Uganda genome resource enables insights into population history and genomic discovery in Africa

Deepti Gurdasani, Tommy Carstensen, Segun Fatumo, Guanjie Chen, Chris S. Franklin, Javier Prado-Martinez, Heleen Bouman, Federico Abascal, Marc Haber, Ioanna Tachmazidou, Iain Mathieson, Kenneth Ekoru, Marianne K. DeGorter, Rebecca N. Nsubuga, Chris Finan, Eleanor Wheeler, Li Chen, David N. Cooper, Stephan Schiffels, Yuan ChenGraham R. S. Ritchie, Martin O. Pollard, Mary D. Fortune, Alex J. Mentzer, Erik Garrison, Anders Bergström, Konstantinos Hatzikotoulas, Adebowale Adeyemo, Ayo Doumatey, Heather Elding, Louise V. Wain, George Ehret, Paul L. Auer, Charles L. Kooperberg, Alexander P. Reiner, Nora Franceschini, Dermot Maher, Stephen B. Montgomery, Carl Kadie, Chris Widmer, Yali Xue, Janet Seeley, Gershim Asiki, Anatoli Kamali, Elizabeth H. Young, Cristina Pomilla, Nicole Soranzo, Eleftheria Zeggini, Fraser Pirie, Andrew P. Morris, David Heckerman, Chris Tyler-Smith, Ayesha Motala, Charles Rotimi, Pontiano Kaleebu, Ines Barroso, Manj S. Sandhu

Research output: Contribution to journalArticlepeer-review

113 Citations (Scopus)


Genomic studies in African populations provide unique opportunities to understand disease etiology, human diversity, and population history. In the largest study of its kind, comprising genome-wide data from 6,400 individuals and whole-genome sequences from 1,978 individuals from rural Uganda, we find evidence of geographically correlated fine-scale population substructure. Historically, the ancestry of modern Ugandans was best represented by a mixture of ancient East African pastoralists. We demonstrate the value of the largest sequence panel from Africa to date as an imputation resource. Examining 34 cardiometabolic traits, we show systematic differences in trait heritability between European and African populations, probably reflecting the differential impact of genes and environment. In a multi-trait pan-African GWAS of up to 14,126 individuals, we identify novel loci associated with anthropometric, hematological, lipid, and glycemic traits. We find that several functionally important signals are driven by Africa-specific variants, highlighting the value of studying diverse populations across the region.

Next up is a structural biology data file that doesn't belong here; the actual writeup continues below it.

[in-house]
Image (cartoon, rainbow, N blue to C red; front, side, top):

Original languageEnglish
Pages (from-to)984-1002.e36
Number of pages19
Issue number4
Publication statusPublished - 31 Oct 2019

Cite this